The release of a report from an investigation into the alleged misuse of millions of dollars of government funds in Tokelau has been delayed by a pending legal case, the territory's leader says.
It's been a year since Jovilisi Suveinakama and Heto Puka were fired from Tokelau's public service, over their role in the purchase of two helicopters and a property in Apia, which together cost more than $US9 million.
The pair were first suspended by Tokelau's government in April last year, on instructions from New Zealand, before they were eventually dismissed in November at the conclusion of an investigation in their conduct.
Since then, Mr Suveinakama and Mr Puka have launched legal action against the government, Tokelau's Ulu, or titular head, Afega Gaualofa and New Zealand's Administrator to the territory, Ross Ardern.
They allege they were wrongfully dismissed and made scapegoats by Tokelau's leaders, who allegedly authorised the expenditure, a view backed by analysts.
But the report produced from the investigation, which was produced by the appointed investigator, Aleki Silao, and reviewed by Commissioner Casimilo Perez, has yet to be made public.
The release of the report is now pending the completion of the court case, Mr Gaualofa said in an interview in Tokelau in September.
"Let the court decide all these things, and you're not going to drag me into [this]," he said.
A hearing has been set for February, but a venue has yet to be finalised, with the plaintiffs fighting for it to be heard in Tokelau, which would be a first for the territory.
Call for release of report
The investigation report has become a politically charged item in the controversial case, with Mr Suveinakama and Mr Puka's allies in Tokelau calling for its immediate public release.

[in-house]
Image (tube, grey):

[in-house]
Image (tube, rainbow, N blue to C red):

Members of the Taupulega, or council of elders, of Fakaofo atoll, which last year agreed to fund the pair $NZ50,000 towards their legal fees, have now demanded the former public servants to be reinstated.
Two elders told RNZ Pacific the decision to dismiss Mr Suveinakama and Mr Puka was improper because it was made before the Taupulega were given an opportunity to review the report.
"It's unfair for me to make a decision because a decision might depend on the report," said Safiti Vavega.
The Fakaofo Taupulega had asked for the report to be provided to them by Mr Silao and Mr Perez, but had not heard back, said Tinielu Tumuli.
"The main issue for us is an issue of disobedience," he said, in reference to Mr Silao and Mr Perez.
"So, the decision against Heto and Joe to be dismissed should be reversed."
An open rebellion
Mr Gaualofa was not present when the Fakaofo Taupulega decided to grant legal costs towards Mr Suveinakama and Mr Puka and appears to be facing an open rebellion on his home atoll.
He would not rule out reinstating the pair, and said if the court ruled in their favour, then "obviously they did nothing wrong".
But the odds of a reversal of Mr Suveinakama and Mr Puka's dismissal last year are being gradually stacked against them.
In October, Aukusitino Vitale, a former private secretary to Siopili Perez, the Faipule of Nukunonu atoll, was appointed as the government's General Manager, a position last held by Mr Suveinakama, who has since found other work and is now based in Fiji.
Mr Vitale's "practical experiences and his ability to communicate in three languages, especially Tokelauan, meet the requirements of the position," Commissioner Casimilo Perez said in a press release announcing the appointment.
Mr Suveinakama, who is of Fijian descent, does not speak Tokelauan.
Mr Puka's former position of Finance Director had been advertised earlier this year but a replacement has not been found yet. It is currently occupied by Alan Shaw, who has been acting in the role since Mr Puka's was first suspended.